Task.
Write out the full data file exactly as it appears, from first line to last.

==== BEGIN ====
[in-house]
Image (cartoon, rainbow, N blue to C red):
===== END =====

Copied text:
[in-house]
Image (cartoon, rainbow, N blue to C red):